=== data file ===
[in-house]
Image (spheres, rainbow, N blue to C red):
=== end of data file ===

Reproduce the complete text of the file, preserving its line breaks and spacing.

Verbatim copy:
[in-house]
Image (spheres, rainbow, N blue to C red):